At La Fille's parent-teacher meeting on Saturday we learned there is "lots of aggression" in her class. I am not sure what this means but the plastic giraffe and lion have been banished to an out-of-reach shelf. Apparently the weapons of choice for these oppugnant youngsters are not flick knives and knuckledusters, thank God, but plastic carrots and chips. The teacher, who has 30 years experience, seems to be struggling. Afterwards, the Frenchman, having established that La Fille keeps well out of any embrangle and thus there is no threat to her glasses, is unsympathetic. "How difficult can it be? They are only two and three-year-olds," he says. I, who have difficulty controlling one willful three year old, say nada.
I am not comfortable with three-year-olds being described as "aggressive". I suspect a teacher in the UK would be sacked or severely reprimanded for this choice of words. I would prefer "high-spirited" or "energetic" or "hyperactive", but then that might be because so far La Fille has escaped having her head stoved in by a wild animal or toy vegetable. My French friends say this is evidence of British hypocrisy and political correctness and our growing habit of calling a spade an earth displacing implement.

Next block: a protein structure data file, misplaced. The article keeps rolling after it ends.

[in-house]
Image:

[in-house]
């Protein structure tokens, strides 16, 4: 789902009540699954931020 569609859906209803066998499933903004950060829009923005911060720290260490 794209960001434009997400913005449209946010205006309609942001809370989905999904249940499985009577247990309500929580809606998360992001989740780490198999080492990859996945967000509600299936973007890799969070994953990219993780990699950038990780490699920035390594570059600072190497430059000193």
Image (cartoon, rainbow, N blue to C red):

The French teacher's comments would make lurid headlines back home where there seems to be a hunger for anything that talks Britain down. I was astonished by how, long before credit and crunch and crisis became the new 'c' words, people were so pessimistic and determined to badmouth everything about the country. My theory is it is why nobody will have a word said against France. Tell them it is not El Dorado and they go 'La, la, la, la' with their fingers in their ears. Perhaps is it is a safety valve: life in Britain is crap, let's cross the Channel.
God knows what the UK papers would make of the outbreak of legume rage among French toddlers. Instead they are full of interesting things you did not know you did not know.
*According to a medical group Belfast is the city in which you are most likely to have had a tummy tuck; Chester a face lift; Nottingham a nose job, Newcastle and Bristol (how appropriate) breast augmentation and London botox.
*The cost of cheese in the UK has gone up nearly 50% in the last year.
*One in ten British people would rather go to the dentist than host a dinner party.
*A wedding dress made of rubber washing-up gloves the artist turned inside out is on display at a Cumbrian museum. The curator said: "The work demonstrates both the young girl's dream of a white wedding and the mundane reality of household." No...really!